The Supreme Court is the Indian judicial system. The Supreme Court has an extensive jurisdiction, i.e., original, appellate and advisory.
(i) Original Jurisdiction : It extends to those cases which Supreme Court has authority to hear and decide in the first instance like
(a) Dispute between the Government of India and one or more States.
(b) Dispute between two or more States.
(c) Dispute between the Union and any State on the one side and other States on the other.
(ii) Appellate Jurisdiction: A person can appeal to the Supreme Court against the decision of High Court. However, High Court must certify that the case is fit for appeal, which means the case involves a serious question of interpretation of law or Constitution. In criminal cases, if the lower court has sentenced a person to death, then an appeal can be made to the High court or Supreme Court. Supreme Court holds the power to decide whether to admit appeals even when appeal is not allowed by High Court. Appellate jurisdiction means, Supreme Court will reconsider the case and legal issue involved in it.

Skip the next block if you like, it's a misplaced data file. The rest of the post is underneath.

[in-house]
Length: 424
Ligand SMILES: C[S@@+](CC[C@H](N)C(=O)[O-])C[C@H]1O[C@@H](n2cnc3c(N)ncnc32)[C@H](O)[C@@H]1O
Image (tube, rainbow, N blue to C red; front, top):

(iii) Advisory Jurisdiction: The President may obtain the opinion of the Supreme Court on a question of law or fact, which in his opinion is of public importance. The advisory opinion of the Supreme Court is not binding on the President.
Structure of Courts in India
There are three different levels of courts in our country:
(i) There are several courts at the lower level, while there is only one at the apex level. The courts that most people interact with are called Subordinate or District Courts. These are usually at the district or tehsil level or in towns and they hear many kinds of cases. Each state is divided into districts that are presided over by a District Judge.
(ii) Each state has a High Court which is the highest court of that state.
(iii) At the top is the Supreme Court that is located in New Delhi and is presided over by the Chief Justice of India. The decisions made by the Supreme Court are binding on all other courts in India.
The Supreme Court of India is called the Guardian of the Constitution because, it has the power to declare a law passed by the Parliament void or illegal if it is against the provisions of the Constitution.
Qualifications and tenure of the judge of the Supreme Court of India
A person is qualified for appointment as a judge only if he/she is a citizen of India and if he/she fulfils one of the following conditions:
(i) Has been a Judge of High Court for at least five years.